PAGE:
Dick’s Sporting Goods (DKS) is riding a great deal of momentum into the all-important holiday shopping season.
And there is more behind it than a second quarter that included stimulus checks to many U.S. households.
Investors could boil the company’s much-better-than-expected quarter on Wednesday to several factors: 1) more outdoor-minded athletes have been formed during the pandemic; 2) Dick’s stores are becoming better places to shop amid investments in upgraded shopper experiences; and 3) the golf business remains on fire given the sport’s socially distanced nature.
“We’re also seeing strong retention of the 8.5 million new athletes we acquired last year and we added 2 million new athletes during this quarter,” Dick’s Sporting Goods CEO Lauren Hobart told analysts on an earnings call. “We are also making our stores more experiential. During Q2, we converted approximately 25 additional stores to premium full-service footwear and we added 50 new elevated soccer shops. These strategies are working and continue to set us apart within the marketplace.”
Meanwhile, Hobart says Dick’s redesigned its golf shops at 20 stores in the quarter. The company is also on pace to have Trackman performance golf technology in all its stores by the end of the quarter. Such technology helps fit clubs to golfers, and will likely improve the average ticket from the golf department.
The collective efforts appear to be paying off.
Dick’s said it saw double-digit percentage sales gains in all three of its product categories in the quarter — hardline, apparel and footwear. Average ticket and transactions increased, too. Here is how Dick’s performed in the second quarter compared to Wall Street estimates.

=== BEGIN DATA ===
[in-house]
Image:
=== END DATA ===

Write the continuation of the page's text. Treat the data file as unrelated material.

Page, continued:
Dick’s also offered up a bullish full-year outlook to investors, and sweetened its capital return plans:
Adjusted EPS: $12.45 to $12.95 (consensus: $9.01)
New special dividend: $5.50 a share
Dividend: Raised by 21%
Full-year planned share repurchases: Raised to $400 million from $200 million
Shares of Dick’s Sporting Goods rose 15% to $131.19. The stock has skyrocketed 305% over the past two years, and is trading at a record high after second quarter earnings.
The big question now is whether Dick’s could live up to its self-created, sky-high profit expectations as the year progresses. Six months of impressive execution suggests it could, provided athletes, who were created during the pandemic, don’t injure themselves and become couch potatoes. Somehow we don’t think that is going to happen, at least to any large degree that Dick’s drops the ball.